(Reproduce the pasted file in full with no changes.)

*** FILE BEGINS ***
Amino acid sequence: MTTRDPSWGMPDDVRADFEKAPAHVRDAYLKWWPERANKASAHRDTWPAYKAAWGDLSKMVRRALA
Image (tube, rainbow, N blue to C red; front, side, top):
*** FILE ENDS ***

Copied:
Amino acid sequence: MTTRDPSWGMPDDVRADFEKAPAHVRDAYLKWWPERANKASAHRDTWPAYKAAWGDLSKMVRRALA
Image (tube, rainbow, N blue to C red; front, side, top):